Theatre review: ‘Tis Pity She’s A Whore

by todadwithlove

Dear Dad

The boy is talented, passionate and beautiful; the girl is sensitive, ethereal and pure. The boy is besotted with the girl; the girl secretly loves the boy. Trouble is, he is her brother and she, his sister.

John Ford’s provocative 1633 play was doomed for tragedy — on stage and in life. The combustion of forbidden desires set off waves of treachery and ended in carnage. But it was Ford’s sympathetic treatment of the protagonists that drew censures (and censors) during his time.

Marion Potts’ adaptation of this delicious work is original, unexpected and thoughtful. It is a montage on stage — of language, of music and of time. Ford’s authentic Elizabethan English juxtaposes with contemporary streetspeak. Soaring arias interweave with techno-pump. And, burbling beneath the 21st century zeitgeist is an undercurrent of the 17th century spirit.

Anna Cordingley’s space is busy with three layers. The lowest tier is rugged with graffiti-embellished metal containers that create twin tunnels. Jethro Woodward, the sound designer who mixes the techno music, is conspicuously part of this set. The second tier is meretricious with a wide but shallow dining-room. It is decked out in ornate furniture against an ersatz Tiepolo-style canvas backdrop. Above this, the third tier is celestial. There is a harpsichord and a Julia County whose mezzo-soprano voice is as haunting as her period dress is incongruous and billowing.

Potts’ production opens with a modern-day stud, B. (Chris Ryan), on the lowest stage. After a parody on sexual pleasures, he launches into a soliloquy to reveal a sexist and hot-blooded male who is obsessed with women —  for their bodies.

Then, in the middle tier, Ford’s characters are incarnated in 21st century dress and 17th century language. Benedict Samuel’s Giovanni is stunningly paired with Elizabeth Nabben’s Annabella. He has the eloquence and vigour to convey his implacable feelings while she oscillates between verse and song — first in coy restraint, then in moving catharsis. Laura Lattuada’s Putana is shrill as Annabella’s tutoress who insidiously goads her charge on while Richard Piper is the putative patriarch, Florio — without much bite. John Adam’s Soranzo is convincing as the unconscionable cad who callously turns his back on his widow-lover Hippolita to win Annabella’s hand. This, he does when Annabella becomes pregnant — with Giovanni’s child. Alison Whyte gives a striking performance as the vengeful Hippolita who plots with Vasques to poison Soranzo on his wedding. Anthony Brandon Wong’s Vasque epitomises malevolence, although his voice is too insipid to impress.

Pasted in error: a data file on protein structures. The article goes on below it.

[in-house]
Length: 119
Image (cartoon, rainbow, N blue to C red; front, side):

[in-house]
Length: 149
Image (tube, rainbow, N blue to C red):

By alternating between Ford’s scaled-down play and B.’s incidental insight into the unflattering present-day psyche, Potts illuminates the uncanny similarities between yesterday’s duplicity and today’s machiavellianism, between men’s oppression of women then and their implicit contempt for them now. She questions our unabashed sanctimony and holds a mirror to our inherent hypocrisy.

Through deft choreography, she suggests a carry over of past actions/behaviour into the present, for instance, when B. drags out what is presumably a body in a bag after Vasque drags in Putana’s corpse. She blurs the line between fantasy and fact when B. begins to infiltrate the world of Ford’s play and watch the theatrical tragedy unfold through masked but judgmental eyes. His plundering of the dead makes for a rich metaphorical drama. But it is his eventual tearing down of the canvas backdrop that represents the social destruction wrought by external forces.

The highlight of this production is the stirring duets delivered by Nabben and County, that are brilliantly accompanied by Andree Greenwell’s original music. They offer a welcome reprieve from the characters’ mangled lines and Potts’ ambitious macro-statements. Paul Jackson’s lighting is effective in casting the present in grinding harshness and the imagined world in softer shades.

Finally, Potts’ interpretation of ‘Tis Pity She’s A Whore is as polemical as Ford’s play itself: the victim is the perpetrator while the villain is righteous through the prism of societal mores.

Advertisements